Libraries have no natural predators. Believe me. Having worked in partisan politics and lobbied on contentious issues, I know what it means to have opponents. Since I started lobbying for libraries no one has called me names, hung up on me, or slammed a door in my face.
At first, I reveled in the change. I used to have people argue with me every day—and those were the good days. The bad days involved yelling and fingers poked into my chest. The worst days involved accusations of nefarious motives. Not with libraries. Now I can walk into the office of any elected official and be greeted by a pleasant smile.
Everyone likes libraries. Everyone has a nice story to tell about their hometown library. Everyone has a family member that works in a library. Just talking about libraries seems to make people feel warm and fuzzy. Therein lay the problem.
In the highly competitive and aggressive world of politics, no enemies usually means no allies. In my experience elected officials (and staff) have nice feelings about libraries, not strong feelings. As a result libraries, politically, suffer from benign neglect. The warriors don’t go where there is no war.
Like everything else, politics runs on currency. In the Capitol, the preferred currency is money or votes. That translates to campaign donations and the ability to mobilize reliable voters. Some groups, like a big labor union, have both. Libraries and library groups have neither dollars to dole out nor the ability to sway significant numbers of voters. To emphasize the depth of the problem, consider your own voting behavior.
As a reader of Library Journal, you are a committed and informed information professional—a front-line library partisan. How often do you base your vote primarily on a candidate’s “library positions?” I wager never. Like everyone else, how you formulate your vote is predictably biased by demographic identifications and determined by hot-button issues. Taxes, gun rights, gay rights, abortion, and so on; these are the things that sway voters, and thus motivate decision makers.
Do not despair. So what if the library is not a thing that pushes opinion? The library is not a thing at all. The library is tool. Therein lay the solution.
A hammer is a tool, and no one has a strong feeling about hammers. There is no pro-hammer lobby or an anti-hammer coalition. Yet we need hammers. Hammers mean construction of homes and business. Hammers mean economic growth. It is the same with libraries. As we argue at the New York State Higher Education Initiative (NYSHEI), libraries are the information infrastructure of the modern world. This information infrastructure is correctly understood as a utility, and as necessary as transportation networks and power grids to the economy.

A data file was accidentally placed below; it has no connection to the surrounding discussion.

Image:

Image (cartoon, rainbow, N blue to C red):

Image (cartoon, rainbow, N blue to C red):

The lesson is elementary, but always worth a review. Academic and research libraries make innovation possible. These libraries provide the raw material—information—that is needed to fuel researchers, incubators, and entrepreneurs. The library is not an end in itself, it is a means to an end.
I once received an email from the New York Governor’s director of higher education policy. Responding to me, he wrote, “I got it. Whatever the question is, the answer is the library.” He was right.
If the issue was grant money won by public colleges, the answer was the library. Need to encourage public-private partnerships and start-up companies? The library can help. Want to lower the cost of business for job creating entrepreneurs? Give them access to information. Improve faculty recruitment and academic standing? Improve the library. Want to cultivate jobs, improve workers skills, or help someone find a job? There is the library for that. In each case, as soon as a policy issue emerged, I quickly demonstrated that supporting the library was important to achieving the goal.
This approach, of course, does not guarantee success every time. What it does is ensure that libraries are in the conversation. After a while, the decision makers start to think about libraries as an answer on their own. Each successive time the approach is easier, and the probability for victory increases.
Libraries may not excite partisans to action, but that does not mean that libraries cannot be valued partners. Libraries are, and should be, the allies that others need to achieve their goals. When we help them win, we win too.
Jason Kramer is the Executive Director and principle lobbyist for the New York State Higher Education Initiative (NYSHEI), an association of the state’s public and private academic and research libraries. Prior to joining NYSHEI, Mr. Kramer has held various positions in politics, communications, and government relations.